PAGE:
I do miss seeing and chatting with my coworkers. Although a quieter home ‘office’ can lead to a very productive work day, it lacks the high-energy and sense of team camaraderie that we have at Prezi offices. This is one of the things I’ve missed the most about working in the office, since I joined only a few months before the pandemic hit and I was still getting to know my coworkers. Also, I used to walk to and from the office, and I miss how walks were an integrated part of my day. At home I’ve found that it takes an additional effort to step away from the computer and get outside for a walk and fresh air.
6. What tools do you swear by while working remotely?
The first has to be Prezi Video, of course! We use Prezi Video in our team meetings, both async and live in Zoom, and I’ve used it in webinars and virtual events.
#ProTip: Opting for async meetings over live meetings has been a total game changer for productivity — sending async status updates or pre-meeting content reduces the time our team spends in meetings, makes live discussions more productive and helps teams avoid ‘Zoom gloom.’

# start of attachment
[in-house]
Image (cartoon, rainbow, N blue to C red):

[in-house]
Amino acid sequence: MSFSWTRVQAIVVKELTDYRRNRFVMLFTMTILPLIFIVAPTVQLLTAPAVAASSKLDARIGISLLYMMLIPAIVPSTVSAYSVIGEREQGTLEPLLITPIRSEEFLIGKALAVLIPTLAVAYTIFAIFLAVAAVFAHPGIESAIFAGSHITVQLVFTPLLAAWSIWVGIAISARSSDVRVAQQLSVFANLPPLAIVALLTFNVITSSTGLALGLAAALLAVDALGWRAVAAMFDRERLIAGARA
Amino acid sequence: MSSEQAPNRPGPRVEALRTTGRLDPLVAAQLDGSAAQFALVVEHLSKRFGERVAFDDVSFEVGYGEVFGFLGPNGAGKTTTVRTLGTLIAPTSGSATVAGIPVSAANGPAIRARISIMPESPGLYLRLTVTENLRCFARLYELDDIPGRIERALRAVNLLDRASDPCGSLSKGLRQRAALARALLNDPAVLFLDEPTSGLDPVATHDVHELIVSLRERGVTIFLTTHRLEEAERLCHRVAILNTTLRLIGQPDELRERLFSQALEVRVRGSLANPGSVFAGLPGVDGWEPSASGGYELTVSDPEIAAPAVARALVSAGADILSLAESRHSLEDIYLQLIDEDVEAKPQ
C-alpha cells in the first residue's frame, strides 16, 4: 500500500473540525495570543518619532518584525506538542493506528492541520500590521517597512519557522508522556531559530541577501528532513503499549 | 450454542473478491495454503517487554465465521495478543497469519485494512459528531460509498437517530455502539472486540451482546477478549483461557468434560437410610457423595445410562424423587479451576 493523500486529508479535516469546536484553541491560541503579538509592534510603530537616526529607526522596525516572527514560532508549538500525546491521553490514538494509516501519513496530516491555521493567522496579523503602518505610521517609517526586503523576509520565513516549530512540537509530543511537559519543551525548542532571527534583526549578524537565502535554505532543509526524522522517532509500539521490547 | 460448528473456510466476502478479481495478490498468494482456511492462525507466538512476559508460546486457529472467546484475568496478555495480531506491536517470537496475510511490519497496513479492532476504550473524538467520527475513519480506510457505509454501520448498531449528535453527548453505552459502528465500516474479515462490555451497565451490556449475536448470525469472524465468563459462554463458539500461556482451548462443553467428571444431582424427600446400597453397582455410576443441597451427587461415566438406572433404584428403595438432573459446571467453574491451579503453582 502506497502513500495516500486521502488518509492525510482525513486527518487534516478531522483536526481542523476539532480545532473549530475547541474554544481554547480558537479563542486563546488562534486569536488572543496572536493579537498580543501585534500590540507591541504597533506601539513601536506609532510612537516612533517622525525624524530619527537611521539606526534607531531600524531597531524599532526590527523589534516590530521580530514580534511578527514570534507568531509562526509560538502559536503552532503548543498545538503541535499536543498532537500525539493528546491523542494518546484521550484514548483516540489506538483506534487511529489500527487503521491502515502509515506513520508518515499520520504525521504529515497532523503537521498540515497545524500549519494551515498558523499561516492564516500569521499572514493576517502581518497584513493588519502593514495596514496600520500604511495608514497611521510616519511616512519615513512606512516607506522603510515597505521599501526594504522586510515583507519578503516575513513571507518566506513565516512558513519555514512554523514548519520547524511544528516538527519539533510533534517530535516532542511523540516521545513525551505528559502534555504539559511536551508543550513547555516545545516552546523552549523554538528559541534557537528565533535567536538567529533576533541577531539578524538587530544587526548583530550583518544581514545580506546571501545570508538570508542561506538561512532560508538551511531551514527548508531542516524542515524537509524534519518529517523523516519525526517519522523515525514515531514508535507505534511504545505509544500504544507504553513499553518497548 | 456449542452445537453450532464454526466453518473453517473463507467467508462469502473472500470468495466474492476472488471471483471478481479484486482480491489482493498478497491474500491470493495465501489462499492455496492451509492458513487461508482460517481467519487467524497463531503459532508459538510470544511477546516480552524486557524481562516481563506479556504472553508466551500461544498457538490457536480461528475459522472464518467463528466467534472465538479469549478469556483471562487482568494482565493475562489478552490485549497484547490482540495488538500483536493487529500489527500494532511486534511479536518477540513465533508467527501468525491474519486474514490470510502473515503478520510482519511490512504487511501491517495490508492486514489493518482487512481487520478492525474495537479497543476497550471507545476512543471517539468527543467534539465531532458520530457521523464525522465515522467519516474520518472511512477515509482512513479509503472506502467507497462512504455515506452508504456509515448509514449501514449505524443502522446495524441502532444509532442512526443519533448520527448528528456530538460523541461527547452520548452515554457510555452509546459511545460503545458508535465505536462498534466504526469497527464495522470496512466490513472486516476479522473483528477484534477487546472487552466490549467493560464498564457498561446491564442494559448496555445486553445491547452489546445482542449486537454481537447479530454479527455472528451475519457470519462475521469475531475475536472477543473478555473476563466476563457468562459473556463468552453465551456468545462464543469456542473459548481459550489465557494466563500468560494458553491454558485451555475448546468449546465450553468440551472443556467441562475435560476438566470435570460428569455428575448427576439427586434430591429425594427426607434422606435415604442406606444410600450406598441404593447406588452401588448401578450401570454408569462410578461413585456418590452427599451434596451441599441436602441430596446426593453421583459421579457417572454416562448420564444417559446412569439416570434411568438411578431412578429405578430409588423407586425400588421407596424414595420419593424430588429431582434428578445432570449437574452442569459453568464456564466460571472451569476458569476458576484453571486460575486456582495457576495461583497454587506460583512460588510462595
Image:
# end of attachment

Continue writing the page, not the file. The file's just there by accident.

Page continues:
I also use a number of productivity tools that I talk about in this Remote-how panel about building healthy habits that stick, including Calendly for scheduling meetings; TimeOut to remind myself to take breaks and look away from the screen; Clockwise to optimize meeting times to make me more productive; and Notion to keep track of to-do’s, notes, and more.
Don’t forget to also sync your Google Calendar with Slack so that your notifications are automatically paused and your status is updated when you’re in a meeting.
7. Your most exciting/ hilarious experience since you started working remotely.